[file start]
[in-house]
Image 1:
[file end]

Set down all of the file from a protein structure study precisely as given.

[in-house]
Image 1: